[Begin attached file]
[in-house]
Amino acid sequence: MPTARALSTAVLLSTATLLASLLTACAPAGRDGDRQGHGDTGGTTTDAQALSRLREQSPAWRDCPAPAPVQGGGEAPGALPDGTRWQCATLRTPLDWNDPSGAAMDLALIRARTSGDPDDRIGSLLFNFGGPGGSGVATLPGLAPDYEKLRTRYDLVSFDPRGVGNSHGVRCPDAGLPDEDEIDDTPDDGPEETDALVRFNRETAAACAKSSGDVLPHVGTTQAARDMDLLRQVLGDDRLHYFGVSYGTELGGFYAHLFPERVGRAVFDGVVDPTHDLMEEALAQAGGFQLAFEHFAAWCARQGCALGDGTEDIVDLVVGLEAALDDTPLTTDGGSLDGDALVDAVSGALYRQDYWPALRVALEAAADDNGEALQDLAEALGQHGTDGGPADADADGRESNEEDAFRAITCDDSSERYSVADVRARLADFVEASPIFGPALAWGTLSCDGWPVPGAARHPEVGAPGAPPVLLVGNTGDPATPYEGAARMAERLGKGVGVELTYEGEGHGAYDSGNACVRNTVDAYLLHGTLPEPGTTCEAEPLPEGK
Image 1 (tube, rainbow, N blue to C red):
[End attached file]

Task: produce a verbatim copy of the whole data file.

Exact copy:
[in-house]
Amino acid sequence: MPTARALSTAVLLSTATLLASLLTACAPAGRDGDRQGHGDTGGTTTDAQALSRLREQSPAWRDCPAPAPVQGGGEAPGALPDGTRWQCATLRTPLDWNDPSGAAMDLALIRARTSGDPDDRIGSLLFNFGGPGGSGVATLPGLAPDYEKLRTRYDLVSFDPRGVGNSHGVRCPDAGLPDEDEIDDTPDDGPEETDALVRFNRETAAACAKSSGDVLPHVGTTQAARDMDLLRQVLGDDRLHYFGVSYGTELGGFYAHLFPERVGRAVFDGVVDPTHDLMEEALAQAGGFQLAFEHFAAWCARQGCALGDGTEDIVDLVVGLEAALDDTPLTTDGGSLDGDALVDAVSGALYRQDYWPALRVALEAAADDNGEALQDLAEALGQHGTDGGPADADADGRESNEEDAFRAITCDDSSERYSVADVRARLADFVEASPIFGPALAWGTLSCDGWPVPGAARHPEVGAPGAPPVLLVGNTGDPATPYEGAARMAERLGKGVGVELTYEGEGHGAYDSGNACVRNTVDAYLLHGTLPEPGTTCEAEPLPEGK
Image 1 (tube, rainbow, N blue to C red):